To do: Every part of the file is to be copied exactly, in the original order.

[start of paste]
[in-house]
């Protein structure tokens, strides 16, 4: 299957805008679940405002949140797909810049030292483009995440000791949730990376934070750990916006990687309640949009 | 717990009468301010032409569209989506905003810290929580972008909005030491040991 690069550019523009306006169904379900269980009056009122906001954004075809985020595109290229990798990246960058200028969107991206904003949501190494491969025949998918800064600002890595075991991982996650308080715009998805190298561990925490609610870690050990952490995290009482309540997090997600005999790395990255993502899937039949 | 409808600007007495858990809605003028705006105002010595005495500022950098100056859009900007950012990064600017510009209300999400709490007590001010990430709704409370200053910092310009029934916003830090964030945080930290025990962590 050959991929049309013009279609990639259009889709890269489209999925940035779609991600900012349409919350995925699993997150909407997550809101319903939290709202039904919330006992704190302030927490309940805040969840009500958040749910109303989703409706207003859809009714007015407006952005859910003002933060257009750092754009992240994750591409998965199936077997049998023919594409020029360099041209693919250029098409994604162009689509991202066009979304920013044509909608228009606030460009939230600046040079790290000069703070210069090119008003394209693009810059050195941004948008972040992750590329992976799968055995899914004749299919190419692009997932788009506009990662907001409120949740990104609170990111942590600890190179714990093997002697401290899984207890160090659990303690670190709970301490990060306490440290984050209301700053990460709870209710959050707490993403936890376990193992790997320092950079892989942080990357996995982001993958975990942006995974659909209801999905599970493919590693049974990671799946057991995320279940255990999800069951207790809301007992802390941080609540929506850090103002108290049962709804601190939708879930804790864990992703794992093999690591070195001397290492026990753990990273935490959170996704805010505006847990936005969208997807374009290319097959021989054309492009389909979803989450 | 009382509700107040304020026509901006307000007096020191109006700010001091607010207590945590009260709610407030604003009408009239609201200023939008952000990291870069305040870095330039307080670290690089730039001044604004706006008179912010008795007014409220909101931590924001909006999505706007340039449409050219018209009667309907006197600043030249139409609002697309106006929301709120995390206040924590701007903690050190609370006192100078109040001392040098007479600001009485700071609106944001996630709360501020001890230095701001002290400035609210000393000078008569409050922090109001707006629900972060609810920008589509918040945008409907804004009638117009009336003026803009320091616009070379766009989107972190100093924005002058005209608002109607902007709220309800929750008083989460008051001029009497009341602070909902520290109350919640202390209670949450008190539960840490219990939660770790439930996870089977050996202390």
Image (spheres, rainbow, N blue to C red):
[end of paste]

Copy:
[in-house]
């Protein structure tokens, strides 16, 4: 299957805008679940405002949140797909810049030292483009995440000791949730990376934070750990916006990687309640949009 | 717990009468301010032409569209989506905003810290929580972008909005030491040991 690069550019523009306006169904379900269980009056009122906001954004075809985020595109290229990798990246960058200028969107991206904003949501190494491969025949998918800064600002890595075991991982996650308080715009998805190298561990925490609610870690050990952490995290009482309540997090997600005999790395990255993502899937039949 | 409808600007007495858990809605003028705006105002010595005495500022950098100056859009900007950012990064600017510009209300999400709490007590001010990430709704409370200053910092310009029934916003830090964030945080930290025990962590 050959991929049309013009279609990639259009889709890269489209999925940035779609991600900012349409919350995925699993997150909407997550809101319903939290709202039904919330006992704190302030927490309940805040969840009500958040749910109303989703409706207003859809009714007015407006952005859910003002933060257009750092754009992240994750591409998965199936077997049998023919594409020029360099041209693919250029098409994604162009689509991202066009979304920013044509909608228009606030460009939230600046040079790290000069703070210069090119008003394209693009810059050195941004948008972040992750590329992976799968055995899914004749299919190419692009997932788009506009990662907001409120949740990104609170990111942590600890190179714990093997002697401290899984207890160090659990303690670190709970301490990060306490440290984050209301700053990460709870209710959050707490993403936890376990193992790997320092950079892989942080990357996995982001993958975990942006995974659909209801999905599970493919590693049974990671799946057991995320279940255990999800069951207790809301007992802390941080609540929506850090103002108290049962709804601190939708879930804790864990992703794992093999690591070195001397290492026990753990990273935490959170996704805010505006847990936005969208997807374009290319097959021989054309492009389909979803989450 | 009382509700107040304020026509901006307000007096020191109006700010001091607010207590945590009260709610407030604003009408009239609201200023939008952000990291870069305040870095330039307080670290690089730039001044604004706006008179912010008795007014409220909101931590924001909006999505706007340039449409050219018209009667309907006197600043030249139409609002697309106006929301709120995390206040924590701007903690050190609370006192100078109040001392040098007479600001009485700071609106944001996630709360501020001890230095701001002290400035609210000393000078008569409050922090109001707006629900972060609810920008589509918040945008409907804004009638117009009336003026803009320091616009070379766009989107972190100093924005002058005209608002109607902007709220309800929750008083989460008051001029009497009341602070909902520290109350919640202390209670949450008190539960840490219990939660770790439930996870089977050996202390």
Image (spheres, rainbow, N blue to C red):